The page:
And so says marvellously perspicacious comedian David Mitchell; let us never forget the heavyweight intellects too.

Come the end of the year, however, and the Guardian’s sister paper, the Observer, was presenting the case with more restraint and a modicum of circumspection – this time it was left to Lincoln Mitchell (no relation I presume) to dish the dirt, while offering an assessment of Putin that is actually more credible:

Following the Russian invasion of Crimea, however, Hitler analogies dominated western perceptions of Mr. Putin. Among those making that comparison were British Prime Minister David Cameron, former Secretary of State Hillary Clinton, Paul Johnson writing for Forbes, and Senator John McCain (R-AZ). Most of these comparisons focused on Hitler’s brutal policies towards Germany’s neighbors in the late 1930s, rather than genocide and mass murder, but a Hitler comparison is always made with the deliberate aim of making the target seem as evil and dangerous. Gradually the Hitler meme faded away; and in recent days the media has been filled with stories about how the Russian economy is in collapse and Putin may not last in power much longer.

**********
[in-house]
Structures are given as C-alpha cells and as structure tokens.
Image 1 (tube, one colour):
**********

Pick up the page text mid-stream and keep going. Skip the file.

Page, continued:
Mr. Putin cannot both be Hitler and so weak that a rise in global oil prices threatens his regime. Similarly, he cannot simultaneously both pose a Hitler-like threat yet be unable to maintain his grip on power due to a currency devaluation. The narratives about Mr. Putin that dominated 2014 are thus mutually exclusive, but they are also individually suspect. 15

Truth be told, there are an awful lot of deeply unpleasant world leaders today, just as there were yesterday. Some of these are our allies and some are not – but we pick and choose with little regard for morality or integrity, and according instead to what is more profitable and most expedient. Now if the principle charge to be made against Putin (once an ally but now a foe) is that he is responsible for the oppression of minority groups in Russia, then on that charge he stands justly accused. If you charge that he is a nationalist, this stands too. But if your charge is that he is an incorrigible military expansionist – which is the principle charge in these rather daft comparisons to Hitler – then the facts, duly considered, stand very much against you.